Stock assessment of any fish species requires estimates of growth rates, maximum age, cohort structure and age of maturity, all of which rely on accurate estimates of age. Typically in bony fishes, structures such as scales, fin rays or otoliths (ear bones) can be used in the determination of age. Each year, calcium is deposited in these bony structures in a systematic manner allowing for the counting of annulli. However, elasmobranchs have cartilaginous skeletons and therefore lack bony structures with systematic calcium depositing. As a result, for many elasmobranch species there is no method for estimating age, and the important life history parameters can not be estimated. The lack of age and growth information has been a limiting factor in the development of shark and skate management plans.
The exception is the spiny dogfish (Squalus suckleyi) in which the second dorsal spine has been used for age determination since the 1930s. Systematic calcium deposits in the enamel covering the dorsal spine form visible bands or ridges. This method of estimating the age of dogfish has been extensively studied by many researchers worldwide, and has been validated using OTC-injected (oxytetracycline) fish which were tagged, released and later recaptured up to 20 years later (1,2). The OTC forms a mark on the spine which is visible under ultraviolet light; knowing the date of OTC injection and the date of recapture allows researchers to determine the expected number of annuli that should have formed on the spine subsequent to the OTC mark.
Deposits of calcium phosphate have been found in many components of the cartilaginous skeleton of sharks and skates. In some species, systematic calcium deposits in various vertebral components are being used to estimate age. Vertebral centra are being used to estimate age for a number of Atlantic shark and skate species on the Atlantic coast, and the method has been validated for a few species (see the Canadian Atlantic Shark Research Laboratory for more information).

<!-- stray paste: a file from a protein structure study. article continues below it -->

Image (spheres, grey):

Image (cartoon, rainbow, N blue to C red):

Big skate (Raja binoculata) and longnose skate (Raja rhina) have been aged successfully using vertebral centra (3). Thin sections of the centra were examined and found to exhibit banding thought to represent annuli.
For some sharks, the vertebral centra are too poorly calcified to provide age information. In British Columbia, the sixgill shark (Hexanchus griseus) is an important bycatch species in commercial fisheries. However, it is a deep-water species with poorly calcified vertebral centra. However, another component of the vertebrae, the neural arch (right), exhibits systematic banding consistent with expected annuli, and can therefore be used to estimate age (4).
We are currently investigating the applicability of vertebral centra and neural arches to age determination in other Pacific elasmobranch species. Blue sharks tagged in 2007 were injected with OTC, so that any recaptures may be used to develop a validated aging method for this species.